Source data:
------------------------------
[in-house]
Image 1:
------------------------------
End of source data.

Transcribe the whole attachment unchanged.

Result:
[in-house]
Image 1: